By high school, Janine had studied dance at Dallas’ Metropolitan Ballet and appeared in Casa Manana musicals. Her poise and carriage made her seem years older. “She was just gorgeous,” remembers W.E. Bos-well High School counselor Mike Williams. “You’d pick her out-like, ’Wow!’” Her hair was long and dark, her eyes large and expressive, her makeup expertly applied. She was chosen “Most Beautiful” her freshman year. At the end of the year, Janine tried out for cheerleader; she won the only slot set aside for a sophomore. “I was so proud,” she says. “’Course, I didn’t get to do it.”

That’s because from then on, Janine’s whole life was geared toward becoming a star. During the summer after her freshman year, she went to New York to model for the Wilhelmina agency-as their youngest model. Her mother and father, a pilot for Braniff based in New York, lived in New York during the week and flew home to their house on Eagle Mountain Lake on the weekends. Janine attended New York’s Professional Children’s School, which she loved. She appeared in magazines like Teen, Seventeen, and Mademoiselle, and in national commercials selling cosmetics, skin care, clothes.

When her father was transferred back to Dallas, Janine reluctantly moved back with them. Enrolled again in Boswell High, she attended school half-days and worked local modeling jobs. There were plenty. She posed for the Neiman Marcus catalog, for the cover of The Dallas Morning News Fashion! Dallas section, for store ads. Despite her success, the other students liked her, says Williams. “She was a regular kid. She always fit in.”

IN THE 1980S, EVERY ACTRESS IN TOWN WAS auditioning for TV’s “Dallas.”

Janine tried out for the recurring role of Lucy Ewing’s friend. “She came in with green fingernails and too much makeup,” says casting director Rody Kent. “I sent her home to change. She did, and she got the part.”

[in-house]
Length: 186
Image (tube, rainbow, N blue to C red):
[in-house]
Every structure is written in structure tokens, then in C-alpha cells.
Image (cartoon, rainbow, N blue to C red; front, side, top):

With a couple of “Dallas” episodes under her belt, Janine knew she wanted to be an actress rather than a model. She enrolled in a private school, crammed her entire senior year into two months and set off for Hollywood.

Not long after she began going on auditions in Los Angeles, Janine was flown to New York to meet director Franco Zeffirelli, who was casting Endless Love and wanted an unknown, a new Olivia Hussey.

“Where haf you been?” was Zefferelli’s response to her audition tape. When he asked her mother to sign a paper saying Janine would do nudity, Janice put her foot down. Brooke Shields got the part.

For the next two years, Janine and her mother commuted back and forth from Eagle Mountain Lake to L.A. Her first show was a short-lived, late-night soap called “Behind the Screen.”

“General Hospital,” a daytime soap, came next. Cast as Laura Templeton, Demi Moore’s sister, Janine “played an airheaded bimbo, an idiot,” she says. She had to bleach her long hair blond for the part. Demi’s character was the serious brunette. The two actresses shared a dressing room and became good friends. Though the producers wanted a five-year contract, Janine agreed to only one year. “At 19, I wanted to go to Juilliard,” Janine says. “Dad said, ’Don’t do it, you’re working. People would kill to be doing what you’re doing.’”